Why has China’s foreign policy become more assertive since 2009, and what is
driving Beijing’s foreign policy orientations? Given the significance of China’s rise
over the past few decades, it is surprising that this question has not been subjected
to systematic analysis as well as general investigation within scholarly research.
This article serves to examine the sources of China’s assertiveness using a systemlevel,
unit-level and individual-level analysis. This article first looks at systemlevel
explanations such as state power, external threats and national interests, and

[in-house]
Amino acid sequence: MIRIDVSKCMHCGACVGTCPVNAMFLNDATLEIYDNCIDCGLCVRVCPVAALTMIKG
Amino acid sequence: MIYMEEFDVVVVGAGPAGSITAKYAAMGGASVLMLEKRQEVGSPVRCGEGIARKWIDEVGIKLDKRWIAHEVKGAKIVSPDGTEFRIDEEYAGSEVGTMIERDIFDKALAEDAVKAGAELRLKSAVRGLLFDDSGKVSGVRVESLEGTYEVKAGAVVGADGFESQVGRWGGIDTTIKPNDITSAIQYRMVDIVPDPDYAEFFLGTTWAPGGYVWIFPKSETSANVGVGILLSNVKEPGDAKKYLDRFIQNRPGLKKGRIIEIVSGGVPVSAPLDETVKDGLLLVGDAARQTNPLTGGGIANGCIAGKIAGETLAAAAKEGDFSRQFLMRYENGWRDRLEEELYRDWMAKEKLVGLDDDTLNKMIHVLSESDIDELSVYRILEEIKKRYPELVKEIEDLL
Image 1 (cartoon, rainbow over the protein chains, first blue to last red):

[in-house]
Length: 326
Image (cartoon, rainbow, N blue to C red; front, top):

then considers unit-level factors including bureaucratic competition, struggles
of the elite and the surge of nationalism. However, both system-level and unitlevel
explanations alone fail to account for China’s more assertive foreign policy.
This suggests that individual factors play a major role in explaining the country’s
more assertive external behaviour. This is especially the case when the perceptions
of the political elite are deeply embedded in the state leader’s preferences. This
finding can enhance our understanding of why traditional explanations, that do
not incorporate the role of the state leader, may fail to predict Chinese foreign
policy behaviour. To understand better the implications of China’s rise, therefore,
we must take into account the role of the state leadership and its impact on China’s
growing influence in international politics.